Minimizing mask-level distortions is critical to ensuring the success of electron projection lithography (EPL) in the sub-65-nm regime. Previous research has demonstrated the importance of controlling the stress in the patterned stencil membranes to minimize image placement distortions. Low-stress, 100-mm diameter EPL mask blanks have been patterned with a layout that simulates the effects of the cross-mask and intra-subfield pattern density gradients found in a realistic circuit design. Extensive IP measurements were made to illustrate how local subfield correction schemes can be used to reduce all mask-level distortions (regardless of pattern type) to less than 15 nm (3s). Combining membrane stress control with the use of repeatable and identical reticle chucking is expected to reduce EPL mask-level distortions to the values that will be needed for the 65-nm design node.
Fabrication of EUVL masks requires formation of both a repair buffer layer and an EUV absorber layer on top of a molybdenum/silicon (Mo/Si) multilayer coated mask blank. Alteration of the Mo/Si multilayer during etch, repair or cleaning of the EUVL mask can be detrimental to the reflectivity and thus the functionality of the final mask. IBM’s Next Generation Lithography (NGL) group has reported on EUVL mask fabrication based on an absorber of low stress chromium (Cr) and a buffer layer of silicon dioxide (SiO2). Due to poor etch selectivity between SiO2 and the underlying silicon capping layer, the finished masks had non-uniform and reduced EUV reflectivity after processing. This led to the development of an alternative absorber stack combination of an absorber layer of low stress TaNx on a buffer layer of low stress Cr. This paper describes the improved reflectivity uniformity of this type of mask along with several aspects of mask quality, such as CD control and image placement.
Electron Projection Lithography ( EPL) is a leading candidate for the sub-65 nm lithography regime (1),(2). The development of a low-distortion mask is critical to the success of EPL. EPL has traditionally used either a stencil format mask with a single scatterer layer having the pattern represented by voids in the membrane (3), or a continuous membrane format mask with a patterned scatterer layer supported by an unperforated membrane(4).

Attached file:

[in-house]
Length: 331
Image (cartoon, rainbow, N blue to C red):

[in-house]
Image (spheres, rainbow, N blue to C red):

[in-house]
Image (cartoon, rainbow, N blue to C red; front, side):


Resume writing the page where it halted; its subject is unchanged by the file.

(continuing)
Electron projection lithography (EPL) is a promising candidate for the next generation lithography choice. There are several advantages to EPL, such as a large depth of focus and a lower relative mask cost. Significant challenges also face this technology, including the limitation of the membrane format of the mask. One of the obstacles with the membrane format is image placement distortions, which can be very sensitive to the stress of the membrane as well as the pattern density. This paper studies how the stress of various types of films effects image placement distortions, as well as examines the effect of final mask cleans on image placement distortions.
The Next Generation Lithography (NGL) Mask Center of Competency (MCoC) has been developing mask technology to support all of the major next generation lithographies for several years. Cross-cutting process development has been applied to generate progress in both the membrane and reflective mask formats. The mask technology has been developed to early capability stage for all of the mask formats. Proximity x-ray masks, although only for certain niche applications, are a very developed mask format. This information has been used to produce electron beam projection masks, in both continuous membrane and stencil formats, and extreme ultraviolet lithography masks. In this paper, we discuss the status of the lithography technology development and the obstacles that remain between the current early development capability and the availability for manufacturing.
The next generation lithography, either electron or photon based, will be first introduced on critical levels for device manufacture. These levels have different requirements for difficulty of meeting image size uniformity, image placement, and patterning requirements on masks. Membrane masks are needed for electron projection lithography (EPL), and the fabrication of membrane masks generates new requirements such as the need for complementary mask pairs for stencil masks. In this paper, we discuss experiments for fabricating EPL masks for device levels.